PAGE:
Cannabis products available for prescription within weeks, government announces

Cannabis products available for prescription within weeks, government announces


Cannabis health products will be made available for patients from 1 November, the home secretary has announced.

The government had previously said it planned to legalise treatments derived from the drug over the summer after young epilepsy sufferers Alfie Dingley and Billy Caldwell had struggled to access cannabis oil, which appeared to soothe their symptoms.

The new rules, which apply to England, Wales and Scotland, mean that specialist doctors can now prescribe cannabis treatments for any of their patients from next month. 

The change does not alter the legal status of possessing the drug for recreational use or supplying it to others, which remains a criminal offence. 

“This brings these products explicitly into the existing medicines framework,” Sajid Javid said, and added that further reforms were also being considered. 

“The Advisory Council on the Misuse of Drugs (ACMD) will be conducting a long-term review of cannabis and the National Institute for Health and Care Excellence has been commissioned to provide advice for clinicians by October next year.

“The government will monitor the impact of the policy closely as the evidence base develops and review when the ACMD provides its final advice.”

Alfie’s mother, Hannah Deacon, said in a statement: “Today is a momentous day for every patient and family with a suffering child who wish to access medicinal cannabis.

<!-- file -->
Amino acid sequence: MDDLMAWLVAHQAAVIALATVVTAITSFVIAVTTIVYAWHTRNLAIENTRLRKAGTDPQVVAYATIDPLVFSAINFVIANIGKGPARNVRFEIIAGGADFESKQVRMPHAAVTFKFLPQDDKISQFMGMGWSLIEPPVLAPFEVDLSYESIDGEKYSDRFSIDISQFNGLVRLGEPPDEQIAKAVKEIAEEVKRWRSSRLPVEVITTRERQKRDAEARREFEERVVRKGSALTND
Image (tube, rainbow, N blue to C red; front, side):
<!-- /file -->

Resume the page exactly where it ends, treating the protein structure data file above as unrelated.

“We urge the medical world to get behind these reforms so they can help the tens of thousands of people who are in urgent need of help. I have personally seen how my son’s life has changed due to the medical cannabis he is now prescribed.

“As a family we were facing his death. Now we are facing his life, full of joy and hope, which is something I wish for each and every person in this country who could benefit from this medicine.”

An initial review by chief medical adviser Professor Dame Sally Davies concluded that there was evidence medicinal cannabis has therapeutic benefits.

The ACMD, which carried out the second part of the review, then said doctors should be able to prescribe medicinal cannabis provided products meet safety standards.

It recommended cannabis-derived medicinal products should be placed in Schedule 2 of the Misuse of Drugs Regulations 2001.

Cannabis has previously been classed as a Schedule 1 drug, meaning it is thought to have no therapeutic value but can be used for the purposes of research with a Home Office licence.

Mr Javid said that to constitute a cannabis-based product for medicinal use, three requirements must be satisfied.

These are that it “needs to be a preparation or product which contains cannabis, cannabis resin, cannabinol or a cannabinol derivative, [that] it is produced for medicinal use in humans and, is a medicinal product, or a substance or preparation for use as an ingredient of, or in the production of an ingredient of, a medicinal product”.

Additional reporting by PA



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